August 2021

The ESG perspective

How do we measure success?
Mark Patton / Hydrozonix

In my last column, we ended with this question: “How do we measure success”? When it comes to ESG, there are many standards and guidelines, and they all don’t necessarily measure the same objectives. ESG covers a wide spectrum of issues, within which you still have inconsistencies on what metrics are important.

One company may report emission reductions, while another reports carbon footprint reductions. The concern here is some metrics are vague, while others are specific. So, when a goal of “Carbon Zero” is used, how are you calculating carbon footprint? Are you buying offsets? Are the offsets audited? You cannot take a simplistic view of a complex problem. Solar panels are marketed as a way to achieve carbon neutrality. In reality, manufacturing solar panels creates a carbon footprint, and you have to utilize the panels for years to offset that footprint. You don’t start with zero. This assumption leads to a gross miscalculation of carbon footprint.

Then there is the issue of offsets; are you planting trees? Are the trees still alive? Were they ever planted? How are the offsets calculated and audited? People are trying to make money off ESG initiatives, and this is going to attract some unscrupulous individuals looking to make a quick buck. So, buyer beware.

So, what metrics are important? Unfortunately, no clarity here either. You have Sustainability Accounting Standards Board (SASB) standards, which are used primarily to communicate sustainability information to investors in a financial manner. Meanwhile, the Global Reporting Initiative (GRI) standards report the impact of businesses on sustainability issues. Additionally, the Task Force on Climate-related Financial Disclosures (TCFD) recommendations help with climate-related financial disclosures, so investors can understand risks related to climate issues. And the Integrated Reporting (IR) Framework supplies capital providers with information to understand how the business model and strategy drive value. Less used but relevant are the UN’s Sustainable Development Goals and the program set up by Science Based Targets that report Halliburton, Schlumberger and Nabors as clients. So many options and so many directions; so, what’s to choose?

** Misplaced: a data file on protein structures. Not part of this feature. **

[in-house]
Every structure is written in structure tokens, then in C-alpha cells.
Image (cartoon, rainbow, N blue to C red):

Currently, ESG reporting isn’t mandatory, but the SEC did issue a request for public comment on climate change disclosures last March. Now that the comment period is closed, I would expect to see some guidance in 2022, which may make the path clearer to what standards will be reported and tracked. Keeping it simple, many people will argue the goal is about reducing methane and CO2emissions. When you consider Greenhouse Gases (GHG), methane and CO2 are always in the top 5, but so are water vapor and NOX.

What to measure? According to the EPA, the U.S. generates 11.4 times as much CO2 as NOX, yet NOX has 265 times the Global Warming Potential. So, shouldn’t we add NOX to our priority list? While CO2 has been reducing since a peak in the early 2000s, and methane has been reduced 15% in the period between 1990 and 2019, NOX has remained flat since 1990. It is hard to argue against adding NOX to our list. I have more respect for companies expressing their goal as a percent reduction in emissions, because this is a quantifiable goal, where we can measure values and confirm goals. Unfortunately, many of these other standards are like saying “I will try to be a better person.” A nice goal, but how do you measure success?